Daily Capital

Weekly Market Digest: U.S. Stocks Have Their Best Month in 30 Years

U.S. stocks started the week on a positive note but ended it about where they started. As we enter May, many states and countries are beginning cautious steps to reopen economies from economically devastating shutdowns even as the coronavirus continues to spread rapidly around the globe. This week an additional 3.8 million Americans filed for jobless benefits, bringing the total to 30 million. Several major companies issued earnings with mixed results but few willing to provide guidance.

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Major Events

  • Tuesday – U.S. coronavirus cases officially top one million.
  • Wednesday – The Fed kept interest rates near zero and said it expects to continue bond purchases as needed to support the economy.
  • Wednesday – U.S. GDP declined 4.8% in Q1.
  • Thursday – The S&P 500 completed its best month since 1987.
  • Thursday – 3.8 million Americans filed for unemployment benefits last week.
  • Friday – Gilead’s Remdesivir was cleared by the FDA after showing some promise in treating COVID-19.
  • Friday – Amazon fell 8% after announcing increased costs are outpacing sales gains in lockdown. The stock remains up 23% for the year.
  • Friday – Exxon reported its first loss in decades amid plummeting oil prices.
  • Friday – Joe Biden denied sexual assault allegations from a former staff member.
  • Our Take

    April was a horrible month for the world, and yet it was also the best month in the U.S. stock market in over 30 years. It is a good reminder that the stock market is related to the economy, but is not the same thing as the economy.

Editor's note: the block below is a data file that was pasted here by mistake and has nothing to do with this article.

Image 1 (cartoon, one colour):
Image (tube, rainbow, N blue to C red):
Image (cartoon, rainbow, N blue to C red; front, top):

As a changed world charges into May, about 30 states have begun engaging in different approaches to try to reopen. It will be a very interesting challenge as there are widely differing views on what makes sense and how to define success. There is risk that the issue further divides the country. From a market perspective, in addition to infection rates, consumer behavior and employment trends will be important.

    Meanwhile, stock prices seem to generally benefit from increased knowledge about the virus, even if the news isn’t all favorable. April was supposed to be about testing, but there wasn’t as much testing done as many hoped, especially for who has already been infected. Hopefully we will learn more in May which will provide insight on how fast the economy may truly reopen. It will be another deadly and volatile month, but potentially an informative and hopeful one as well.

    The content contained in this blog post is intended for general informational purposes only and is not meant to constitute legal, tax, accounting or investment advice. You should consult a qualified legal or tax professional regarding your specific situation. Keep in mind that investing involves risk. The value of your investment will fluctuate over time and you may gain or lose money.

    Any reference to the advisory services refers to Personal Capital Advisors Corporation, a subsidiary of Personal Capital. Personal Capital Advisors Corporation is an investment adviser registered with the Securities and Exchange Commission (SEC). Registration does not imply a certain level of skill or training nor does it imply endorsement by the SEC.

    Craig Birk, CFP®
    Craig Birk leads the Personal Capital Advisors Investment Committee and serves as Chief Investment Officer. His focus is translating improvements in technology into better financial lives. Craig has been widely quoted in the Wall Street Journal, Bloomberg, CNN Money, the Washington Post and elsewhere. Prior to Personal Capital Advisors, he was a leader within the portfolio management team at Fisher Investments, helping assets under management grow from $1.5 billion to over $40 billion. Craig graduated from the University of California at San Diego and has earned the Certified Financial Planner® designation.
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